In an effort to stimulate the economy by fostering a positive environment for small business owners, Republicans have been steadfast about extending Bush’s tax cuts for every American, including those with an income of over $250,000. Democrat Senate Majority Leader Harry Reid, however, fresh off his own hard-fought reelection, indicates his unwillingness to bend on the Bush tax cuts, explaining that he wishes to see them extended only for those families earning less than $250,000.
While conservatives prevailed in the elections on Tuesday, liberals on San Francisco’s Board of Supervisors voted 8-3 to approve an ordinance that would limit toy giveaways in fast-food children’s meals that have excessive calories, sodium, and fat. The ordinance also demands that fast-food children’s meals include servings of fruits or vegetables. To boot, the ordinance includes an amendment that would restrict restaurants’ free speech or advertising.
On November 4, CBS News reported a U.S. seizure of 30 tons of marijuana after surveillance of a warehouse in Otay Mesa, California. After following a tractor-trailer leaving the warehouse and finding 10 tons of marijuana inside, U.S. authorities obtained a search warrant for the warehouse. They discovered an additional 4 tons of pot and the opening to an elaborate 600-yard tunnel connecting the warehouse to one across the border in Mexico.
On Election night, NBC’s David Gregory joked that the “elephant in the room” was ironically the Tea Party, and not the Republican Party. Exit polls showed that 4 out of 10 voters were Tea Party supporters, and of those Tea Party supporters, 8 out of 10 voters supported the Republican candidates. Given the powerful influence that the Tea Party movement has had in political and on the Republican Party as a whole, it seems reasonable to witness the creation of a Tea Party coalition on Capitol Hill.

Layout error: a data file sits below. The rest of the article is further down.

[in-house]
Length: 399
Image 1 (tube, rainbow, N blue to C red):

In 1940, the statutory national debt limit was authorized at $43 billion. Today, the debt ceiling stands at $14.3 trillion dollars — 291 times larger than the original limit. Since President Barack Obama took office, the debt limit has been raised three times, though that is not unusual for a sitting president. However, the most recent limit increase was staunchly opposed by the GOP and did not secure one Republican vote. Whether the Republicans did that to assure their own victories on November 2 or they truly believe in reducing the debt remains to be seen, but it certainly prompts the question: What would happen if the GOP banded together next year and blocked the Treasury from issuing more debt?